- Level: Easy
- Total Distance: 1.9 miles round-trip
- Hiking Time: 1 hour
- Elevation Change: 150 feet
- GPS Coordinates: 33.5901 N, 112.507 W
The Waterfall Trail is just filled with delights. The graded-dirt portion includes educational plaques with details about surrounding plants, animals (bobcats, ringtails, bats, and hawks), and petroglyphs. Along this trail, you also find a massive collection of some of the best petroglyphs in town. Interpretive plaques explain how native peoples created these incredible rock drawings almost 7,000 years ago. It’s truly inspiring to explore this area and nearly impossible to keep your imagination from running wild. Winter and spring offer the greatest chance to see water actually falling (not trickling).As if that isn’t motivation enough, the trail leads to a waterfall. Say what? It’s true! Winter and spring offer the greatest chance to see water actually falling (not trickling). And though you may not see a constant torrent of water around here, there’s been enough of it over the centuries to erode the park’s granite, creating the deep pools or “tanks” that give the area its name. Even in the dead of summer, the Waterfall Trail leads to one of these pools of water—with water still in it. The pools will be green and buzzing with bugs in the hotter months, so this trail is at its best in winter or spring.
Start the hike from the Waterfall Trail trailhead on the southwest side of the parking lot. The entry to the wide path is flanked by cases filled with maps, park information, and signage for mountain lion warnings. The firmly packed dirt makes for a very easy cruise. As the trail heads southwest, it offers ample opportunity for pit stops to read each plaque. Read them. Learn. There’s no point in rushing this trail. Benches line the path, so embrace the leisurely vibe and enjoy your experience.
The main site, Petroglyph Plaza, appears on the right side of the trail at 0.4 mile, and it’s worth your while to spend a moment here. Contemporary Native Americans consider petroglyph sites sacred. After a few seconds viewing the overlapping mass of spirals and designs etched into the rock, it’s easy to understand why.
At 0.5 mile, unfortunately, the wheelchair-accessible portion of the trail comes to an end. If you’re not on wheels, feel free to keep moving as the terrain becomes slightly more rugged. Soon, you’re walking alongside a rocky creek. If you’re lucky, flowing water will be weaving in and among the granite boulders. Notice the dramatic change here as the canyon walls begin to jut high on either side. They will collide at the site of the waterfall, which sits just shy of 1 mile in. After a good rain, you may see anything from a trickle to a rush of water cascading down the vertical drop of rock to splash into a deep tank.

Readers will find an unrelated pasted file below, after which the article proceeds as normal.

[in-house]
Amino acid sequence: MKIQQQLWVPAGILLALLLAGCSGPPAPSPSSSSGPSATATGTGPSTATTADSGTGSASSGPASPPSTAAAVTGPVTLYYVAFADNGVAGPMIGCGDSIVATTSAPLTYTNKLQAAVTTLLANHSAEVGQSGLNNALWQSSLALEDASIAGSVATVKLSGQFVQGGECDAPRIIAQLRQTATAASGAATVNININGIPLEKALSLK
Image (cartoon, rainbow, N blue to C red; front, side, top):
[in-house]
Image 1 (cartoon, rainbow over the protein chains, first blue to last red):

When you’re ready, simply turn around and follow the trail back to the parking lot.
For a longer hike, take a little detour from the Waterfall Trail to the Black Rock Long Loop via the signed connecting trail at 0.4 mile. Take a left turn (southeast) for a very short jaunt until you meet up with the Black Rock Long Loop. Veer right on the loop and follow it counterclockwise as it boomerangs back to the connecting trail. This detour adds 1.2 miles to the trip with minimal elevation gain.
From downtown Phoenix, take I‑10 west toward Los Angeles for about 18 miles. Take the exit for Sarival Avenue and turn right, heading north, onto Sarival Avenue. After 0.2 mile, turn left onto McDowell Road. Take McDowell Road west for 2 miles and turn right, heading north, onto Citrus Road. Take Citrus Road for 7 miles and then turn left onto Olive Avenue. Take Olive Avenue west for 3 miles until it turns into White Tank Mountain Road. Pass through the park gate and pay the fee. Take White Tank Mountain Road for 2 miles as it curves and heads north. Turn left onto Waterfall Canyon Road heading northwest. After 0.4 mile, turn left into the Waterfall Trail trailhead parking lot. The Waterfall Trail trailhead is on the southwest side of the lot.
Information and Contact
There is a fee of $6 per vehicle. An annual pass is available for $75. Dogs on leash are allowed. Maps are available at the park entrance. The park is open daily (6am- 8pm Sun.-Thurs., 6am-10pm Fri.-Sat.). For more information, contact White Tank Mountain Regional Park, 20304 West White Tank Mountain Road, Waddell, AZ 85355, 623/935-2505.
Excerpted from the First Edition of Moon Take a Hike Phoenix.